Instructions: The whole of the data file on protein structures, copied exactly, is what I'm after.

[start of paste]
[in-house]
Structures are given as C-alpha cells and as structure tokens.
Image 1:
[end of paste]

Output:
[in-house]
Structures are given as C-alpha cells and as structure tokens.
Image 1: